Martanda Bhairava, Darasuram Temple, Kumbakonam, TN. Pic by author. 

In Melkadambur, we have a Nataraja in worship, which is a Pala Bronze. The presence of four headed, eight armed Martanadabhairava (commonly mistaken as Ardhanarishvara due to androgonymous form) in Darasuram temple is also a concept brought in by the Shakta-Shaiva Acharyas of Gaudadesha. We find a similar representation in Pala style in Rajshahi museum, Bangladesh.

A more careful study would reveal similar patterns of influence of other Shaiva schools from other parts. Our society did not believe in the idea of exclusivism. Rather they were open for noble thoughts from all directions as stated in a Rig Veda verse.

Conclusion

The growth of any great idea or structure cannot be attributed to a small geography. In keeping up with the great tradition of assimilation of common thoughts, it can be said that the most effective work on Shaiva studies or for that matter any other study will be that which not only transcends the long prevalent limitation of focusing on one artificially constructed territory such as ‘Kashmir Shaivism’ or ‘South Indian Shaivism’ to the exclusion of others, not to mention neglect of the position of these coexisting and often co-functioning traditions in the broader picture. 

Also the studies in theoretical literature of traditions should be complimented by attention on epigraphic material and ethnographic data. Only by a collective analysis we can hope to escape to some extent from the limitations set forth by people and academia with vested interests.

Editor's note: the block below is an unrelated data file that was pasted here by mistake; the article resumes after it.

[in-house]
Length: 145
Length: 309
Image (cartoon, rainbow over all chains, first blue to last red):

Author Dr Ketu Ramachandrasekhar is the Program Manager at Bharatiya Samskriti Trust, a Non-Profitable Organisation dedicated towards the dissemination of Indic Knowledge Systems and resurgence of the Oldest Living Cultural way of life i.e. Sanatana Dharma. He has his Doctorate in Indian Epistemology and was selected as a Fellow from hundred young scholars across India for Studies in Neuro Aesthetics and Indian Rhetoric by Ministry of Culture, GOI. He was a part of Academic Team of scholars across Europe on discussion of Natya Texts. His expertise in Shaiva Pratyabhijna School is well recognised by scholars of Kashmir Shaivism and he has been a regular contributor to their Journals on the works and contributions of Acharya Abhinavagupta. He has several research articles and books to his credit which includes a detailed study of Abhinayadarpana of Nandikeshvara, Devi Mahatmya and others.

 

To read all articles by author

Also read

1. Were Cholas Hindus

2. Kashi Tamil Sangam

3. Creating the Saiva Vaishnav Divide in Tamil Nadu